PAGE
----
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  1. Plural of beehive

Extensive Definition

This article is about hives for bees. For other uses of the term, see Beehive (disambiguation).
A beehive is, in a general sense, an enclosed structure in which some species of honey bees (genus Apis) live and raise their young. Natural beehives (typically referred to simply as "nests") are naturally-occurring structures occupied by honey bee colonies, while domesticated honey bees are kept in man-made beehives in a location known as an apiary; it is these man-made structures that are most typically referred to as "beehives". Only species of the subgenus Apis live in hives, and, of these, only the Western honey bee (Apis mellifera) and the Eastern honey bee (Apis cerana) are kept in domestication.
The internal structures of the hive comprise a densely packed matrix of hexagonal cells made of beeswax, called a honeycomb. The cells are used for storage, and for housing the brood.

Natural bee nests

The natural nesting sites of honey bees in the subgenus Apis are caves, rock cavities and hollow trees (members of other subgenera have exposed aerial combs). The nests are composed of multiple honeycombs, parallel to each other, with a relatively uniform bee space. The nest usually has a single entrance. Western honey bees prefer nest cavities of about 45 litres in volume and avoid those smaller than 10, or larger than 100, litres. Western honey bees exhibit preferences with regard to several nest site properties: the height above ground is usually between 1 and 5 metres, entrance positions tend to face downward, south-facing entrances are favoured, and nest sites over 300 meters away from the parent colony are preferred. Nests are often occupied over the course of several years. No one tree genus is strongly preferred.
The bark surrounding the hive entrance is often smoothed by the bees, and the cavity walls are coated with a thin layer of hardened plant resin (propolis). Honeycombs are attached to the walls along the cavity tops and sides, but small passageways are left along the comb edges. The basic nest architecture among all honeybees is similar: honey is stored in the upper part of the comb; beneath it are rows of pollen-storage cells, worker-brood cells, and drone-brood cells, in that order. The peanut-shaped queen cells are normally built at the lower edge of the comb. A number of patents have been issued for beehive designs.

Ancient beehives

Archaeologist Amihai Mazar of Jerusalem's Hebrew University said that findings in the ruins of the city of Rehov (with 2,000 residents at that time, Israelites and Canaanites) include 30 intact hives, 900 B.C., evidence that an advanced honey industry existed in the Holy Land at the time of the Bible or 3,000 years ago. The beehives, made of straw and unbaked clay were found in orderly rows, with 100 hives. Ezra Marcus, expert of Haifa University, said the finding was a glimpse of ancient beekeeping seen in texts and ancient art from the Near East. Religious practice was evidenced by an altar decorated with fertility figurines found alongside the hives. Beekeeping as a practice is known to predate these ruins, but this is the oldest actual apiary ever found.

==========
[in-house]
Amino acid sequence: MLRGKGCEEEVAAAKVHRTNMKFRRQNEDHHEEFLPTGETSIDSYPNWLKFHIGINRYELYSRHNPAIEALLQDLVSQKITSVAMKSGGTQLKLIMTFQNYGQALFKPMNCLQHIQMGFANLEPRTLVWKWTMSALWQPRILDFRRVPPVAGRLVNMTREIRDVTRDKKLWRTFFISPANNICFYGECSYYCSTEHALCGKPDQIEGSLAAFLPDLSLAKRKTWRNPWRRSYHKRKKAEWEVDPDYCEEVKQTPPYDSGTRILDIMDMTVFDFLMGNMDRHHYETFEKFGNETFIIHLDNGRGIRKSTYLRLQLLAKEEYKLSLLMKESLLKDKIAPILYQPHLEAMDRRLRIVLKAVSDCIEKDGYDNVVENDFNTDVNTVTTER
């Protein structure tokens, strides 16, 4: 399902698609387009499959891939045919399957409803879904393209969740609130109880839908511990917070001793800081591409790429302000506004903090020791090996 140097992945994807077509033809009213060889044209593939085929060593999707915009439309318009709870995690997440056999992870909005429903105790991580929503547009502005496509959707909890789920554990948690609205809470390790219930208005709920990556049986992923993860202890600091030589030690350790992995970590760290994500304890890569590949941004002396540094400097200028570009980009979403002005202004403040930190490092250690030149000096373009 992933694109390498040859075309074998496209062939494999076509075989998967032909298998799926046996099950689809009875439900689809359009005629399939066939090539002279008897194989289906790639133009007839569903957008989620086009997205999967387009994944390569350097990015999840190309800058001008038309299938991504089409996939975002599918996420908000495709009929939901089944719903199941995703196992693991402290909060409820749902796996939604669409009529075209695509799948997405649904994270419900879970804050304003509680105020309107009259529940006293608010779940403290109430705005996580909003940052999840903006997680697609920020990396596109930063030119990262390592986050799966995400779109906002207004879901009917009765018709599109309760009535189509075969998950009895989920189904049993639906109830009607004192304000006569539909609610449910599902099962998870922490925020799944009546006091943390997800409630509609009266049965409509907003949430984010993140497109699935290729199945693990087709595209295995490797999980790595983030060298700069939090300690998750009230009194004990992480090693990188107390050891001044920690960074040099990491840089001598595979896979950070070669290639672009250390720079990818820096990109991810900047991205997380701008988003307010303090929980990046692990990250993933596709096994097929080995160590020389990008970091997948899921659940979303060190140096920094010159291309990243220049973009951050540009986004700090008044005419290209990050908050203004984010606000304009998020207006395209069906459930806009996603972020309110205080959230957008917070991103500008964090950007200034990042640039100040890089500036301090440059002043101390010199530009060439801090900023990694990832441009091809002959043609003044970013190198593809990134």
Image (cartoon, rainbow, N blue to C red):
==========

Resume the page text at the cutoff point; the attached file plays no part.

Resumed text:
Traditional beehives

Traditional beehives provided an enclosure for the bee colony but little more was needed. Because there is no internal structure provided for the bees to start from, the bees fill the space in the hive with honeycomb. The comb is often cross-attached and cannot be moved without destroying it. This is sometimes called a 'fixed-frame' hive to differentiate it from the modern 'movable-frame' hives. Harvest generally destroyed the hives, though there were some adaptations with extra top baskets which could be removed when the bees filled them with honey. These were gradually supplanted with box hives of varying dimensions, with or without frames, and finally replaced by newer modern equipment.
Honey from traditional hives was typically extracted by pressing - crushing the wax honeycomb to squeeze out the honey. Because of this harvest method, they typically provided more beeswax but far less honey than a modern hive.
Skeps and other fixed-frame hives are no longer in wide use (and are illegal in many countries) because the bees and the comb cannot be inspected for disease or parasites without destruction of the honeycomb and usually the colony.
There are three basic styles of traditional beehive; Tile hives, Skeps and Bee gums.

Tile hives